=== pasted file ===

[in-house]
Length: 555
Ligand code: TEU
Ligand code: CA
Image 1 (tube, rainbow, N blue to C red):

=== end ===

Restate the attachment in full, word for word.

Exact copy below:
[in-house]
Length: 555
Ligand code: TEU
Ligand code: CA
Image 1 (tube, rainbow, N blue to C red):